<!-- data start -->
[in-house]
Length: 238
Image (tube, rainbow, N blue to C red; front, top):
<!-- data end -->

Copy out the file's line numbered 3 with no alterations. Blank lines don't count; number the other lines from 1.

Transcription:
Image (tube, rainbow, N blue to C red; front, top):